The house soon filled with a delicious aroma of baked bread, which was not supposed to happen until we actually punched down the challah, let it rise again, braided and baked it. Something was seriously wrong. We took out the bowl. The dough was baked through. The baked blob of dough weighed a ton. It tasted delicious, but it wasn't challah. Turns out we were supposed to set the temp, start the pre-heating, wait one minute and then turn the oven off. Oh.
Lesson 5: Everyone makes mistakes. Julia Child dropped a chicken. Next time you're in the synagogue, and you find yourself standing when everyone else has sat down, please know that it's all good. Just smile, sit, and move on. No one will criticize. Mistakes are the spice of life, as this song joyfully points out.
Down but not out, I headed back to the store to replace the ingredients (challah takes a lot of flour), and we turned to a different recipe, where we learned about our preheat error (see lesson 5).
Rise, punch down, rise again, braid.
We decided to do a 6-braid challah. We watched a YouTube video of someone braiding a 6-braid challah, and we went to work. It was confusing, especially when we got into the groove and then forgot where we were in the braiding.
Lesson 6: Wandering minds may be spiritually and physically calming, but you might lose track of reality. If you have to find your way back, don't worry; you'll figure out where everyone else is eventually. You can always unbraid your challah dough and restart.
Egg-washed, the two loaves went into the oven for the final bake. The house again smelled outrageously awesome, this time for the real reason. The challot were a hit. They were a little dense (a kind word for "like baked door stops"), but they were a fine effort. That evening'sMotzi was especially joyful, as was the French toast the next day.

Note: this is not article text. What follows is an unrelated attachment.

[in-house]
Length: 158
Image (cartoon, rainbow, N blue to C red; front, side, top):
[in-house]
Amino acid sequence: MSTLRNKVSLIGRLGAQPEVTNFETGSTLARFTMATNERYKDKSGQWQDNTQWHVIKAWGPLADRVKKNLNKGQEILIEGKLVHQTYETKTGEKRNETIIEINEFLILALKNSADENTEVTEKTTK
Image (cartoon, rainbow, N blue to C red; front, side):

Lesson 7: Keep learning. I asked a congregant to teach me how to make challah that won't break my toe if it lands on my foot. I spend hours watching YouTube videos learning about the Jewish spirituality of making challah.
Lessons learned, and more learning to come. And each Shabbat, my family joins together for HaMotzi. Hinei - behold - I am a challah baker!
Penny Kessler has served the United Jewish Center in Danbury, CT since 1995. A member of the Executive Board of the American Conference of Cantors, she was one of the first cantors to contribute an essay to the URJ's Eilu v'Eilu program.
1 "We Sing Shabbat, We Sing Shalom," words/music by Ellen Allard, sung by Ellen Allard. From the CD "Sing Shalom: Songs for the Jewish Holidays," with permission from the artist.
2 "Challah in the Oven," words/music by Buzz Hellman/Shira Kline, sung by Shira Kline. From the CD, "ShirLaLa Shabbat!" with permission from the artist.
3 "It's All Challah To Me," words/music by Sheldon Low, sung by Sheldon Low. From the CD "It's All Challah To Me," with permission of the artist.
4 "Motzi," music by Dan Nichols, sung by Dan Nichols. From the CD "Kol haShabbat"
5 "Hamotzi," text: liturgy, music: Samuel Adler. Sung by Cantor Penny Kessler. "Shireinu: The Complete Jewish Songbook," Transcontinental Music.